UNITED NATIONS - UN Secretary-General Ban Ki-moon appealed Tuesday to major powers to stop sending weapons to all sides in Syria , as he opened the annual General Assembly summit .
“I appeal to all states to stop fuelling the bloodshed and to end the arms flows to all parties,” Ban told world leaders.
The UN chief also called on Syrian President Bashar al-Assad and the opposition - and “all those I this hall with influence over them” - to work immediately to arrange a second Geneva conference aimed at reaching a political solution. “Military victory is an illusion. The only answer is a political settlement,” he said.
Ban’s appeal comes as the United States and Russia haggle over the language in a Security Council resolution meant to seal an agreement for Assad to give up chemical weapons.
US Secretary of State John Kerry was to meet his Russian counterpart Sergei Lavrov later in the day. Russia is the main supporter of Assad, while the rebels receive support from Western nations and Sunni Arab monarchies.
A top Russian diplomat said that the resolution would include the article of the UN Charter that allows the use of force or sanctions.
Meanwhile, Russia hopes the UN Security Council will agree a resolution this week to support a deal for Syria to abandon its chemical arms, but talks with the United States have been rocky, a senior Russian diplomat said on Tuesday.
Speaking before negotiations expected on the sidelines of the UN General Assembly, Deputy Foreign Minister Sergei Ryabkov reiterated Russia’s opposition to any threat of military action against Syrian President Bashar al-Assad’s government. He said Moscow would not accept a resolution stipulating automatic punitive measures if Assad fails to comply with the US-Russian deal under which he has agreed to give up his chemical arsenal.
“There is no talk of adopting a UN Security Council resolution under Chapter 7 of the UN charter. There can be no talk of any automatic application of sanctions, let alone the use of force,” Ryabkov told a meeting in parliament.
But he said Chapter 7, which can authorize the use of force or other measures, could be cited in the resolution as a possible means to counter any violations later on.
“Chapter 7 can be mentioned only as an element of a possible set of measures against violators,” he said, referring to potential future cases of chemical arms use or stalling the work of the Organisation for the Prohibition of Chemical Weapons.
He reiterated Moscow’s stance that any Chapter 7 resolution could only come after any such cases are well proven and have been discussed within the Security Council.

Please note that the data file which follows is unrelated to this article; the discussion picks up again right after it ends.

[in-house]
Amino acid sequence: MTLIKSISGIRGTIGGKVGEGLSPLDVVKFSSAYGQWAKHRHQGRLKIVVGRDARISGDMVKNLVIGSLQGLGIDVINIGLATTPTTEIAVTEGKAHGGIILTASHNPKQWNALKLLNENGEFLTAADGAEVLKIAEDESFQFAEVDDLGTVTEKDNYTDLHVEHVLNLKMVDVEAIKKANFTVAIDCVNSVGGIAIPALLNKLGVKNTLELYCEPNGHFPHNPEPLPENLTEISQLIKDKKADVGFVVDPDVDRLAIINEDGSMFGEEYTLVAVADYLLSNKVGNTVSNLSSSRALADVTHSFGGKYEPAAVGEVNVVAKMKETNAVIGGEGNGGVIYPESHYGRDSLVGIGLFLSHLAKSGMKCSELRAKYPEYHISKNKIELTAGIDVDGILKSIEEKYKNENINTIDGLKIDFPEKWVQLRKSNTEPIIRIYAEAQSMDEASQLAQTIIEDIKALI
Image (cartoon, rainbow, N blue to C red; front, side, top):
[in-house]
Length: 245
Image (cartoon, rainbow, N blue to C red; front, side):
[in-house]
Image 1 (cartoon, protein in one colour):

Ryabkov also highlighted Russian concerns that Western states want to use the chemical arms agreement as a pretext for eventual military action.
US officials “always mention that plans to punish Damascus remain in force. We draw certain conclusions from that and assume the threat of aggression in violation of international law is so far only delayed - not dismissed fully.”
Asked whether the permanent Security Council members - Russia, China, the United States, Britain and France - could reach agreement on the resolution this week, he said: “We hope so, but there is no guarantee.”
“Unfortunately it’s necessary to note that in contacts with the Americans, things are not going so smoothly ... they are not quite going in the direction they should,” Ryabkov said.
Russia has been the Syrian government’s strongest backer during the conflict that has killed more than 100,000 people since 2011, delivering arms and, with China, blocking three Western-backed resolutions intended to put pressure on Assad.
The US-Russia deal for Syria to abandon chemical weapons was a rare exception to their disagreements over the conflict.
It prompted US President Barack Obama to hold back his request for Congressional approval to strike Syria to punish Assad for an August 21 sarin gas attack Washington says killed more than 1,400 people. Damascus denies it was the perpetrator.
The United States and its Security Council allies Britain and France blame Assad’s forces for the attack. Russia says it believes rebels staged it to provoke military intervention, and has described a report by UN chemical inspectors as biased.
Russia has said there is evidence indicating rebels were behind other alleged chemical attacks in Syria . It has called for investigation of all such claims and the consideration of more sources of evidence about the August 21 attack.
UN officials have said the UN investigators will return to Syria in the next few days. Ryabkov said they were expected to travel to Damascus on Wednesday, and suggested that pressure from Moscow had played a role.
“We are pleased that our persistent calls for the return of UN experts to Syria for the investigation of other episodes have borne fruit,” he said.